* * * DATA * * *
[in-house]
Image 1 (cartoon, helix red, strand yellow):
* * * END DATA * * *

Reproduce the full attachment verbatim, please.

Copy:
[in-house]
Image 1 (cartoon, helix red, strand yellow):